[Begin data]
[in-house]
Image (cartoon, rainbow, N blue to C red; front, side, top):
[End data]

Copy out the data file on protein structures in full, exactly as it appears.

[in-house]
Image (cartoon, rainbow, N blue to C red; front, side, top):